Derek Jeter remembers his time in Michigan, especially that bad called strike
The New York Yankees are in town, and the player who has been a Yankee longer than any other is being celebrated by opposing fans.
Derek Jeter plans to retire from the game at the end of this season, and during what could be his last visit to Comerica Park, Michigan has come out to celebrate the player who grew up in Kalamazoo.
With Jeter in town, there's a lot being written about Jeter.
- Dave Mesrey at the Metro Times remembers being taught by Jeter's dad at Western Michigan.
- Steve Kornacki at MGOBLUE.com writes about Jeter's close ties to the University of Michigan.
And Mike Brudenell over at the Freep writes about the ceremony for Jeter at Comerica Park.
But Jim Baumbach at Newsday wrote a piece in 2012 that gives us a look at Jeter's path from Kalamazoo to the New York Yankees.
"When I grow up, I'm going to be a shortstop for the New York Yankees." - Derek Jeter in the 4th grade
How did he make it into the Big Leagues?
It seems he always knew he would be there. Just ask his fourth grade teacher from St. Augustine Cathedral School:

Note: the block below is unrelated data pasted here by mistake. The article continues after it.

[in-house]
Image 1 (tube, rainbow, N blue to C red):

His back to the chalkboard, Jeter faced his two dozen classmates and spoke the words that stuck with the teacher for nearly 30 years. "When I grow up, I'm going to be a shortstop for the New York Yankees." "It was something you sort of just knew was going to happen," said Garzelloni, 76, who retired as a teacher in 1998 and has remained active at the school since.
Does Jeter remember his time in Kalamazoo. Of course he does, and Baumbach recounts a subject that came up when Jeter visited Kalamazoo:
The last time Jeter returned to Kalamazoo was for the baseball field-naming ceremony. And he showed that he still has a keen memory of his high school days. With Jeter on the dais, coach Zomer, 69, read his senior year statistics aloud. "I mentioned he had one strikeout and that was a bad call," Zomer said. "And then it was quiet and Derek said, 'And that's correct,' and everyone laughed."
Newsday contacted the ump who made the call against Jeter, Dick Bird, who was 58 at the time they contacted him.
"I've never had the chance to talk with him after that, but I've always wanted to tell him in person that I might have missed the pitch," Bird said. "I figured he might get a laugh out of that."
To which Jeter later responded, "He knows he missed it. I swing at everything. If it was close, I'm swinging at it. I've always been that way."